Newsweek.com's Defense and the Dead's Rising Wave on Facebook
Transmedia class warfare. It happens, most recently on the occasion of the merger of Newsweek and the Daily Beast merger. That meeting of unprofitable publications has forced a digital conundrum whose likely conclusion is Newsweek.com taking one in the head. That this was a development announced in the media before it was related to staff is one of the many aspects of the announcement that annoyed an anonymous staffer who took to Tumblr to defend the site:
While high-level print editors were taking sleek, black town-cars to and from the office (and everywhere in between, including, on at least one instance, from DC to New York), this was a staff who slept on grimy couches while reporting on the road; forking out their own funds, at times, just to produce good work. The disparity in work hours, in pay, in resources -- it was comical. And it was only telling that not so long ago -- let's say five years -- one high-level company executive had to be corrected about the Website's URL: no, Newsweek.com wasn't the same thing as the internal Newsweek intranet.
File this one under "Dear God, Please Let It Be So. I Beg of You." The New York Observer's look at the trend of journalists reinventing themselves as writers and consultants for the video-game industry will instill a flicker of hope in all those underemployed hacks wiling away their time playing "Black Ops" instead of pitching the Awl. While the number of journos who have made this leap doesn't comprise what you'd call a zombie horde, writer Dan Duray identifies a few high-profile examples, such as Tom Bissell, the novelist who, in a moment that would make Oscar Wilde smile, once managed to coordinate his addictions to cocaine and "Grand Theft Auto." That was chronicled in this March piece in the Guardian. Here's what he's up to now:
"In the lit biz, I'm, to quote Ron Burgundy, I'm kind of a big deal," said Mr. Bissell, who's also had a hard time entering the field. "But in video games, no one cares." Though that's changing in Mr. Bissell's case. He was just named to Game Developer magazine's power list and just this past Monday spoke about video-game design at Drew University in New Jersey ... he's working to increase his involvement by getting into the process early. In addition to working on a project involving a major movie license, Mr. Bissell and his partner, Rob Auten -- who, as a recent graduate of the Dartmouth English department, found himself writing the cut scenes for the widely praised "Far Cry" in 2003 -- have been shopping around a "comedy shooter," complete with mission and design documents which detail gameplay, and concept art. They've been kicking around the idea of asking Junot Diaz to voice the main character, because Mr. Bissell is fond of the nerd-friendly author's performances at readings.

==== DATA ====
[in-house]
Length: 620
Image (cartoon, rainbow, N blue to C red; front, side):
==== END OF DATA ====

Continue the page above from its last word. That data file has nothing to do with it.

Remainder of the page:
It's well-known that Nick Denton is willing to pay sources for information, a policy that could get very expensive very quickly if he didn't have guidance for what he expected for his money: $10,000 per one million new visitors. Joshua Benton at the reliable Nieman Journalism Lab took a look at recent examples to see how they're performing against Mr. Denton's ratio -- pretty well, actually -- and offered some thoughts about the tiny little economy of paid scoops that seems to be working Gawker chief's favor.
When we think of the effects of new price competition online, we often think of it driving prices down. When there are only a few people competing for an advertising dollar, they can charge higher rates; when there are lots of new competitors in the market, prices go down. But Denton's basically arguing the equally logical flip side: I can afford to pay so little because there aren't enough other news orgs competing for what sources have to offer. Let's hope we don't get to that same point with journalists.
When Mary Meeker drops a report on the state of the internet, everyone listens, including the folks at Business Insider, who also post it as a slideshow.
This post from the 1000 Memories blog merits inclusion because of its sheer macabre weirdness. The first thing you need to know about 1000 Memories is that it's a service that allows people to create online memorials for the dead. When they look at Facebook, they see dead people. Lots of them. They've done the back-of-the-death-certificate math and figured out that 1 million or so people on Facebook are probably dead. Like literally dead, as in not breathing, not simply playing Farmville. And they foresee 50 million ghosts -- their term -- by 2015, essentially turning the social network into Sigourney Weaver's apartment building at the end of "Ghostbusters." Growth industry!
One of the most surprising phenomena of 2010 is the encroachment of death onto Facebook. Just like "Toy Story 3," the blissful youth of Facebook is suddenly faced with the passing of time and the first inklings of mortality. However, beyond the anecdote of an awkward experience, surprisingly few facts exist about the prevalence of death on social media. Is this an occasional curiosity or a looming tidal wave for which existing social media sites are unprepared?
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